Managing your water use can be just as important as setting the timer or thermostat for your heating or remembering to turn electrical items off. It can save you some money and but help a little environmentally too.

Quick wins

Things you can do right now

  • Turn off the tap while you brush your teeth

    If you leave a tap running, on average, you'll lose six litres of water every minute. As a nation we could save an amazing 180 million litres a day if we all only used the tap when we needed the water.

  • Put tissues and cotton wool in the bin

    Throwing used tissues or cotton wool down the toilet is a big water-waster. It's like flushing money down the pan – and these items can cause blockages at the treatment works. It's better for everyone if they end up in the bin instead.

  • Find out how to turn off your water supply

    If you don't already know where the main stop valve for your place is, it's worth finding out. If a pipe does spring a leak you could save yourself the headache of a big clean-up operation as well as reducing the amount of wasted water.

Ways to upgrade

Things to look into

  • Take short showers instead of long baths

    A bath can use up to a massive 100 litres of water, on average, while the average shower only uses about 33 litres. So, if you want to reduce your water use, it's worth thinking of a bath as a treat for when you have time to relax and soak.

    If you don't have a shower installed, you can buy shower heads and pipes that fit onto the end of both bathroom taps. They can be taken on and off so that you can still run the bath when you need to.

    Power showers are a little different in terms of use. A five-minute soaking under one of these can actually use more water than a bath.

    Whatever type of shower you have, setting a timer nearby (perhaps on your phone) is another way to keep water use to a minimum – although it requires a bit of self-discipline too. You can buy little timers that you can stick to a nearby tile so that you don't have to remember – you can set it after you've stepped in. Or if you're lucky enough to be getting your bathroom redone, you could even look into having one integrated.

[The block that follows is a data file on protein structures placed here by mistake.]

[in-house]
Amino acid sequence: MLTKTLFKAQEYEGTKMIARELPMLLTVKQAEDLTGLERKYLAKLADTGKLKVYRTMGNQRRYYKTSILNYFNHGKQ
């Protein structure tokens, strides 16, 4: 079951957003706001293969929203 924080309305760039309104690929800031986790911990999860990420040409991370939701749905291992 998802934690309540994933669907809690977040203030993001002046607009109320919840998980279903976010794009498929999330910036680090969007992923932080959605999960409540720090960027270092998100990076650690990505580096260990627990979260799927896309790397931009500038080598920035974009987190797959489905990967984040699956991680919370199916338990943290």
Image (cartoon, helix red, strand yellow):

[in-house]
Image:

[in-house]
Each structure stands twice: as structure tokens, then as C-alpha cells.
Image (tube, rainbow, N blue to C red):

• Watering cans and water butts

    If you have a bit of green space, sometimes that needs a shower too.

    If you have your own garden, installing a water butt can save litres of treated tap water. Water butts collect run-off rainwater from roofs and gutters meaning you can save excess rainwater for those not-so-rainy days.

    If you not only have a garden but sprinklers too, it might still be worth looking into getting a water butt – sprinkers can use 1,000 litres of mains water an hour. And if you can get about in your garden easily enough, it's might simply be worth using a humble watering can instead.

    Whatever your set-up, it's best to water your plants early in the morning or late in the evening so that the water has time to reach the roots of your plants before it evaporates in any daytime warmth.

  • Use a dishwasher (and load it up)

    A modern dishwasher can use as little as 15 litres of water for each wash. That's quite a saving when you compare it to 63 litres for using the washing up bowl, or even 150 litres if each dish is rinsed as well.

    If you can afford to get one and have the space, a dishwasher can make a substantial difference to the water you use (and save you time).

    If you're someone who handwashes in bulk, a dishwasher is also a handy place to put the dishes so that you can keep the sink and sides clear.

    Similar to piling up the plates, it's worth waiting until a full load before you turn the dishwasher on. This will help you save more water and energy than putting the machine on repeatedly.

    It's the same principle as when you use a washing machine – one full load uses less water and less energy than two half loads.

  • Grey water pumps

    A simple and effective idea, grey water pumps are devices that move the water from your bath or shower tray into your garden, if you have one.

    They don't use electricity, instead relying on siphon suction to transfer your used water to where it's needed. Using natural atmospheric pressure you can use the run-off from your bath or shower to water plants, fill water butts, or even wash your windows or a car.